Presentation Management 02
This post is part of a series on Presentation Management, and is the second post in this series after our first Presentation Management: Ending the Tangled Mess of PowerPoint? post.
This set of serialized posts is based on original content, the Presentation Management: The New Strategy for Enterprise Content book, authored by AlexAnndra Ontra and James Ontra.
With their consent, it was decided to make this post series explore the same concept with a larger perspective, while still retaining the original content. This will help us enlarge and enhance the scope, and reach a larger audience. At the same time, the content will be divided into smaller posts, that you can read one at a time. As far as possible, each post will be individually self-contained. We will also take advantage of the blog post medium to make this content more colorful, detailed, and interactive.
You may agree with what we say, you may disagree, or you may partly agree. Either way, we want to hear your thoughts! Please do post your comments to make this post more engaging.
Like it or not, PowerPoint is the lowest common denominator for business communications. Sure, you can argue that email and instant messaging tools like Slack are used every minute of every day, but critical ideas that require planning and action always make their way into a presentation, usually a PowerPoint deck – or some alternative, like Google Slides. If a business idea has any gravity, it is in a presentation somewhere within the company network.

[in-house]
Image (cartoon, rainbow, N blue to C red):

Yet PowerPoint, which was created over 30 years ago, hasn’t changed all that much. It may have gotten fancier, with smarter graphics and cooler animations, and it’s pretty easy to use, which is why everyone uses it. But for companies, the fact that everyone is using it is a problem.
PowerPoint is Thirty-Plus!
Yes, PowerPoint has been around longer than many of us, and there are some interesting stories about how PowerPoint was created, and how it was named.
Here are a few stories on Indezine that make interesting reading:
When PowerPoint turned 20, someone said:
Back in the late eighties we laughed at our science teachers when they burned themselves on an overhead projector or fumbled with their clear, handwritten sheets so they weren’t projecting their notes upside and backwards. What a relief when PowerPoint came to our rescue… well not exactly.
Then one morning, when I was taking a shower (where most of history’s great discoveries seem to have occurred), I thought of the name PowerPoint, for no obvious reason.
And again, when PowerPoint turned 30, Robert Gaskins wondered:
The question is, why are Millennials still rating PowerPoint so highly and using it so much, even 30 years after it was released, on 20 April 1987?
Yes, PowerPoint does have so much baggage for the last many years. Some of this baggage can be an advantage, and some can clearly be an issue!
Inside most companies, PowerPoint is a tangled nightmare – like old wiring behind the walls just waiting to short-circuit. Too many people use too many decks with too many messages that are out of date, don’t match, or even conflict with each other. Need a critical slide at the last second? Good luck finding it. Over 30 million PowerPoint presentations are created every day, constantly adding to the knotty buildup of slides and decks sitting on individual hard drives.